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CRISTANO RONALDO CAN MAKE UP A GIANT IN CARIOCA AND PORTUGUESE TECHNICIAN SAYS ‘There will be room’

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CRISTANO RONALDO CAN MAKE UP A GIANT IN CARIOCA AND PORTUGUESE TECHNICIAN SAYS 'There will be room'

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Maestro de Braga is the first Portuguese in the National Symphony Orchestra of Cuba.

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Maestro de Braga is the first Portuguese in the National Symphony Orchestra of Cuba.

Maestro Filipe Cunha, Artistic Director of the Philharmonic Orchestra of Braga, has been invited to conduct the Cuban National Symphony Orchestra, as announced today.

According to a statement sent by O MINHO, “he will be the first Portuguese conductor to conduct this orchestra in its entire history.”

In addition to this orchestra, the maestro will also work with the Lyceo Mozarteum de la Habana Symphony Orchestra.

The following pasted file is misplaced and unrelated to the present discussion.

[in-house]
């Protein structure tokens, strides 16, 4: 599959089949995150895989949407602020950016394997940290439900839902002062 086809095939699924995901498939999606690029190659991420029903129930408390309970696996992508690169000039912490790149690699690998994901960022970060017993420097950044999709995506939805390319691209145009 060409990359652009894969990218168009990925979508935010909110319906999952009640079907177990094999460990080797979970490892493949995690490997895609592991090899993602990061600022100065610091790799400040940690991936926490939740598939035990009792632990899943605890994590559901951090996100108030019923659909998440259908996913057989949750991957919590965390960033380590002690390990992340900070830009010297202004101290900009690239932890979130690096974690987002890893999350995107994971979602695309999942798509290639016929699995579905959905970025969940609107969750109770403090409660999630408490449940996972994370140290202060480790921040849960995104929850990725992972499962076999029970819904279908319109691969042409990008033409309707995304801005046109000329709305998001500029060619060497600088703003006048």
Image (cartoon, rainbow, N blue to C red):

The concerts will take place on 4 and 12 March 2023 at the National Theater of Cuba in Havana.

In the words of the maestro, quoted in the statement, “these will be very beautiful concerts with difficult but very complex pieces” and therefore he feels “very motivated”.

From the very beginning, Rachmaninoff’s Piano Concerto No. 2 will be performed by an Italian pianist (Luigi Borzillo), whom the maestro wants to bring to Portugal later this year. In the same concert, Mendelshon’s First Symphony will be performed.

Then, at the second concert, in the company of the Mexican clarinetist Angel Zedillo, he will perform the Louis Sfora Concerto No. 2. In this concert, the maestro also conducts Tchaikovsky’s Fifth Symphony.

“This is an international recognition of my work. An invitation that I accept with humility and great responsibility. I was surprised to learn that I would be the first Portuguese member of the Cuban National Symphony Orchestra. This is a very great honor,” the maestro said in a statement.

“I take with me the name of the city of Braga and Portugal with all the responsibility that goes with it, and I hope to do a good job there, leaving a good image and putting on great concerts. These will be very special concerts because, in addition to performing pieces that I love, especially Rachmaninov and Tchaikovsky, I will be directing two wonderful soloists who are also my friends. It will be very beautiful,” concludes Filipe Cunha.